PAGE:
• In 2005 he was released from prison and assigned as a Level 3 predatory offender in Washington state. He was reviewed for civil commitment as a sexually violent predator and has been found not to meet criteria.
Wgeishofski is no longer under any kind of law enforcement or state supervision. His only condition is that he must register as a predatory offender for the rest of his life, which means providing information to law enforcement about where he lives, works, goes to school, vehicles he drives and change of appearance. Sheriff's deputies perform at least two checks a year on predatory offenders. Failure to notify law enforcement of changes would result in a felony charge.
The information from the Department of Corrections did little to ease the minds of many people in attendance. One woman, whose daughter lives behind Wgeishofski's house, broke into tears recounting the times her grandchildren played in their backyard in full view of the predatory offender's house. Many others said it was only a matter of time before he reoffends.
Murphy said predatory offenders have always been living among us and always will be but it wasn't until 1997 that people had the right to know about them. The purpose of the meeting was not to increase fear but to inform people to be vigilant.
"I know there's a lot of anxiety and lot of fear about this individual moving into your community," Murphy said. "In no way does this meeting or the information minimize what this offender did. What he did was awful."
Several people in the audience asked if it were possible to have Wgeishofski civilly committed as a sexually violent predator. Crow Wing County Attorney Don Ryan said the paperwork from the Department of Corrections was received Wednesday and would be reviewed for possible civil commitment.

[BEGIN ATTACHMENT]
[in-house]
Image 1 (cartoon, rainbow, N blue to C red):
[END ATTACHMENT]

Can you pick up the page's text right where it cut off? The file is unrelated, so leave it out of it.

If a commitment is sought, Ryan said the Minnesota attorney general's office would assist in the matter. Ryan said it would takes a couple of weeks before that point is reached, however.
"We will be considering this but I don't have any answers tonight on whether we will or will not be commencing it and I can't tell you what the likelihood of success would be if we do," Ryan said.
Ryan also reiterated the importance of such meetings. He said before notification laws changed, rapists - or sexual offenders, as they are called today - and their victims could be sitting in the same classrooms together and law enforcement wasn't allowed to tell their teachers.
"We've changed those laws over 15 years so we can not only tell teachers, but in certain instances we can stand in front of a room full of angry people because no one wants a sex offender living next to them - not you, not me, not anybody else," Ryan said. "Fifteen years ago you wouldn't even know this guy is here."
Another woman in the audience said people shouldn't attack law enforcement of the Department of Corrections, but instead should contact their legislators about changing laws concerning predatory and sexual offenders.
"It's the laws that allow offenders to slip through, not these officers," she said.
MATT ERICKSON may be reached at firstname.lastname@example.org or 855-5857.